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John Willett, “New York and the Dramatic Workshop 1939-1951”

Category : Arts, Theater

There is a note of Piscator’s, written in 1937, which says, “I can only  work against bourgeois society, I can never work with it or through it.”  Similarly, that summer when he met Gasbarra [Felix Gasbarra, a German  playwright] in Burgundy-their last meeting for some fifteen years-he got very angry and shouted, “But we said we’d never turn bourgeois!”

Source: Performing Arts Journal, Vol. 2, No. 3 (Winter, 1978), pp. 3-16

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Tennessee Williams, “The Catastrophe of Success”

Category : Arts, Theater, Writing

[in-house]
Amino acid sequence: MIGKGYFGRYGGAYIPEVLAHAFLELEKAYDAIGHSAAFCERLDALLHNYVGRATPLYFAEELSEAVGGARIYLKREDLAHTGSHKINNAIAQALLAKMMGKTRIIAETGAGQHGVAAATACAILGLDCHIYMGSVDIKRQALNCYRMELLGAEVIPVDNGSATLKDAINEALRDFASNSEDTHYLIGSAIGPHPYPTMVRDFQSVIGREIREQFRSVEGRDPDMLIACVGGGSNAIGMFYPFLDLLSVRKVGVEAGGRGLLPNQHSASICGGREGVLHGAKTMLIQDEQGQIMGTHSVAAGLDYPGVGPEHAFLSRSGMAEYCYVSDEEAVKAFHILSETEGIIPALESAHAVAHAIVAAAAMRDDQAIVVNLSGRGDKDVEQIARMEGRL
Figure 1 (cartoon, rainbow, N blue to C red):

This winter marked the third anniversary of the Chicago opening of “The Glass Menagerie,” an event that terminated one part of my life and began another about as different in all external circumstances as could well be imagined. I was snatched out of virtual oblivion and thrust into sudden prominence, and from the precarious tenancy of furnished rooms about the country I was removed to a suite in a first-class Manhattan hotel. My experience was not unique. Success has often come that abruptly into the lives of Americans. The Cinderella story is our favorite national myth, the cornerstone of the film industry if not of the Democracy itself. I have seen it enacted on the screen so often that I was now inclined to yawn at it, not with disbelief but with an attitude of Who Cares! Anyone with such beautiful teeth and hair as the screen protagonist of such a story was bound to have a good time one way or another, and you could bet your bottom dollar and all the tea in China that one would be caught dead or alive at any meeting involving a social conscience.